The far-right AfD party vowed a “new era” as it made its debut Tuesday at the first sitting of Germany's newly-elected parliament, where it immediately made its disruptive force felt.
Setting the tone of more conflictual parliamentary sessions in the next four years, Alternative for Germany (AfD) was first off the mark in filing a motion to challenge a change in parliamentary rules that thwarted one of its lawmakers from making the opening speech in the lower house.
As the motion was immediately defeated by the rest of the lawmakers, the AfD's parliamentary group chief Bernd Baumann wrongly drew a comparison to a move he claimed Goering made in 1933 to block communist MP Clara Zetkin from opening the sitting.
German news agency DPA swiftly corrected Baumann's account, noting that Goering's action had actually blocked a member of his own party rather than Zetkin from opening parliament that year.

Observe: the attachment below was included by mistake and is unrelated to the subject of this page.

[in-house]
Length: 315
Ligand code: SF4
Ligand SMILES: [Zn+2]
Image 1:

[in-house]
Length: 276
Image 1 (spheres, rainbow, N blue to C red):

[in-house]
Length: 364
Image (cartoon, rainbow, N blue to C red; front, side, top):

Nevertheless, the AfD's quip drew gasps from the floor and was slammed as “tasteless” by Marco Buschmann of the liberal FDP party.
Greens lawmaker Jürgen Trittin also condemned the AfD for having “the audacity to put themselves in the same line as the victims of Nazis”.
But that flare-up appeared to be a harbinger of future Bundestag sittings, as the AfD's leading figures have repeatedly smashed taboos by staking claims to German identity and challenging Germany's culture of atonement over World War II and the Holocaust.
“Take note: the old Bundestag has been voted out. The people have decided, a new era begins now,” said Baumann.
“From this hour on, the issues will be renegotiated — not your manoeuvres and tricks on parliamentary business but the euro, massive debt, enormous immigration numbers, open borders and brutal criminality in our streets,” he vowed.
But beyond the AfD, Chancellor Angela Merkel's former coalition partner, the venerable Social Democratic Party, also took on a combative tone as it took its seats on the opposition benches.
In the party's first speech at the house, senior SPD lawmaker Carsten Schneider hit out at Merkel, saying she is “the reason that we have a right-wing populist party here”.
The frontal attack was met with shock by Merkel's CDU party, with general secretary Peter Tauber condemning it on Twitter, saying “First shenanigans not coming from the AfD, but from the elderly aunt SPD. How low has she sunk!”